No more is adventurous travel the sole preserve of the young; the grey gappers are here with their passports in hand, ready to see the world.
While arguably a derogatory moniker, it characterises the recent increase of people aged over 50/55 that have decided to tick a few items off their bucket list and go on some medium to high-octane holidays. Walking the Inca Trail, scuba diving off the Great Barrier Reef, even bungee-jumping from the Victoria Falls Bridge; you name it, this breed of fearless babyboomers is trying it!
The advantage they have over their younger counterparts is typically the possession of more time and greater funds, both of which can turn a simply OK holiday into a truly once-in-a-lifetime experience. That said, a certain amount of preparation is naturally required to ensure yours is a trip to remember and on that basis, here are five top tips for making your first adventure holiday a success.
Jetting off to foreign climes, though exciting, might require a trip to the local GP for an injection or some malaria tablets. To determine whether your chosen destination requires you to have any medical intervention, the NHS Fit For Travel website is extremely useful. Not only does it provide location-specific advice, but also some general travel health guidance to reflect a range of personal circumstances.
It might also be a sensible idea for intrepid travellers to obtain a pre-holiday health check, in order that they can ensure they have adequate medicine, where necessary, to last the duration.
When you reach "a certain age", it can be difficult to find a company that is willing to provide travel insurance, with many unnecessarily cautious due to the misperceived decrepitude of this category of holiday-goer. That doesn't mean that insurance should be abandoned though, it simply means that travellers need to be more discerning about their choice of provider; finding one which offers products that reflect today's travel trends. These might include backpacker, adventure or over-64 options. Do make sure to check that it covers you for the relevant extreme activities, treks and tours so as not to invalidate your insurance.
Savvy travellers don't lug huge suitcases around. It's all about capsule travel wardrobes and clever packing; all designed to lighten the load. If you're going to be away from some time and don't want the bother of hand washing from your desert teepee, then it's advisable to take robust clothes that are darker in colour, so the dirt doesn't show so obviously. Perhaps pack a small bottle of fabric freshening spray for a quick spritz of freshness?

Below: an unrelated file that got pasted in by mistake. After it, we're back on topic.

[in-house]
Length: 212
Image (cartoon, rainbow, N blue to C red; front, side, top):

Making sure your clothes coordinate will allow you to integrate different items and pack less. Layers are ideal; pashminas are a god-send. Ensure that you are taking clothes and shoes that will be appropriate practically and culturally - don't take items that you won't actually have the opportunity to wear.
Plan - to some extent
Whether your trip is three months or three days, each day is precious and you won't want to waste a single one debating ways to fill them. Therefore, some advance planning is a good idea - especially if you need to travel toward a different point to fly home. This doesn't necessarily mean buying an expensive guidebook and following a well-worn tourist trail; instead, do some research on the internet and see what other travellers recommend. Simply searching "off the beaten track" can present you with some fantastic ideas - from hidden gem eateries to best kept secret sights. Use your imagination!
Go with an open mind
Even the best laid plans can go awry, so it's best to accept that one or two elements of your finely-sculpted holiday may not occur in accordance with your wishes. However, that doesn't mean it'll be to the detriment of your trip. Some of the best experiences are spontaneous ones, therefore, go with an open mind, be prepared to take some chances and push yourself a little out of your comfort zone; you never know what you might end up doing!